The hid­den toll of lost mi­grants

News group’s global tally doc­u­ments over 56,800 dead or miss­ing since ’14

South Florida Sun-Sentinel (Sunday) - - Nation & World - By Lori Hin­nant and Bram Janssen As­so­ci­ated Press

JO­HAN­NES­BURG —As mi­gra­tion rises world­wide, so has its toll: The tens of thou­sands of peo­ple who die or sim­ply dis­ap­pear dur­ing their jour­neys. Barely counted in life, these mi­grants rarely reg­is­ter in death — al­most as if they never lived at all.

A grow­ing num­ber of mi­grants have drowned, died in deserts or fallen prey to traf­fick­ers, leav­ing their fam­i­lies to won­der what hap­pened to them. At the same time, anony­mous bod­ies are fill­ing ceme­ter­ies in South Africa’s Gaut­eng prov­ince, or in the coastal Tu­nisian town of Zarzis. Sim­i­lar ceme­ter­ies dot Italy, Greece and Libya.

An As­so­ci­ated Press tally has doc­u­mented more than

56,800 mi­grants dead or miss­ing world­wide since

2014 — al­most dou­ble the num­ber found in the world’s only of­fi­cial at­tempt to try to count them, by the U.N.’s In­ter­na­tional Or­ga­ni­za­tion for Mi­gra­tion. The IOM toll as of Oct. 1 was more than 28,500. The AP came up with al­most 28,300 ad­di­tional dead or miss­ing mi­grants by com­pil­ing in­for­ma­tion from other in­ter­na­tional groups, foren­sic records, miss­ing per­sons re­ports, death records and ex­am­in­ing data from thou­sands of in­ter­views with mi­grants.

The AP’s tally is also cer­tainly an un­der­count. Bod­ies lie undis­cov­ered in desert sands or at the bot­tom of the sea. And fam­i­lies don’t al­ways re­port loved ones as miss­ing be­cause they mi­grated il­le­gally, or be­cause they left home with­out say­ing where they were headed.

In­stead, fam­i­lies are caught be­tween hope and mourn­ing, like that of Safi al-Bahri.

Her son, Ma­jdi Barhoumi, left their home­town of Ras Jebel, Tu­nisia, on May 7, 2011 for Europe in a small boat with a dozen other mi­grants. The boat sank and Barhoumi hasn’t been heard from since. In a sign of faith that he is alive, his mother and father built an an­i­mal pen with a brood of hens, a few cows and a dog to stand watch un­til he re­turns.

“I just wait for him. I al­ways imag­ine him be­hind me, at home, in the mar­ket, ev­ery­where,” al-Bahri said.

The of­fi­cial U.N. toll ex­ten­sively doc­u­ments deaths in the Mediter­ranean and Europe, but even there cases fall through the cracks. The po­lit­i­cal tide is turn­ing against mi­grants in Europe just as in the United States, where the gov­ern­ment is crack­ing down heav­ily on car­a­vans of Cen­tral Amer­i­cans try­ing to get in. One re­sult is that money is dry­ing up for projects to track mi­gra­tion and its costs.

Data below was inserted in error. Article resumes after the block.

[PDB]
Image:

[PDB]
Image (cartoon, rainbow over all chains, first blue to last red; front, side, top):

For ex­am­ple, when more than 800 peo­ple died in an April 2015 ship­wreck off the coast of Italy, Europe’s dead­li­est mi­grant sea dis­as­ter, Ital­ian in­ves­ti­ga­tors pledged to iden­tify them and find their fam­i­lies. More than three years later, un­der a new pop­ulist gov­ern­ment, fund­ing for this work has been cut off.

Be­yond Europe, in­for­ma­tion is even more scarce. Even in the U.S., where mi­gra­tion has turned into a hot-but­ton is­sue, there is no rou­tine ef­fort to fig­ure out where mi­grants may dis­ap­pear or die, nor a pol­icy on iden­ti­fy­ing bod­ies and no­ti­fy­ing fam­i­lies. And lit­tle is known about the toll in South Amer­ica, where the Venezue­lan mi­gra­tion is among the world’s big­gest to­day, and in Asia , the top re­gion for num­bers of mi­grants.

The re­sult is that gov­ern­ments vastly un­der­es­ti­mate the true toll of mi­gra­tion.

“No mat­ter where you stand on the whole mi­gra­tion man­age­ment de­bate these are still hu­man be­ings on the move,” said Bram Frouws, the head of the Mixed Mi­gra­tion Cen­tre, which has done sur­veys of more than 20,000 mi­grants in its 4Mi project since 2014.

The miss­ing in­clude chil­dren. Some 2,773 chil­dren have been re­ported to the Red Cross as miss­ing en Mor­tu­ary work­ers carry the cof­fin of an uniden­ti­fied man near Jo­han­nes­burg. Mi­grant bod­ies are fill­ing ceme­ter­ies.

route to Europe, and 2,097 adults re­ported miss­ing by chil­dren.

Al­mass and his brother, both mi­grants from Khost, Afghanistan, are not on the list. He was just 14 when his wid­owed mother re­luc­tantly sent him and his 11-year-old brother from their home into the un­known. The pay­ment for their trip was sup­posed to get them away from the Tal­iban and all the way to Ger­many via a chain of smug­glers.

But when the Ira­nian bor­der po­lice fired on their group, Al­mass lost hold of his brother’s hand and went

un­con­scious as he tum­bled down a ravine. He never saw his brother again. When he next spoke to his mother, he couldn’t bring him­self to tell her; in­stead, he lied that his brother couldn’t come to the phone.

The fam­ily phone num­ber in Afghanistan no longer works, their vil­lage is over­run with Tal­iban, and he has no idea how to find them.

“I don’t know now where they are,” he said, his face an­guished as he sat on a sun-dap­pled bench in ru­ral France. “They also don’t know where I am.”


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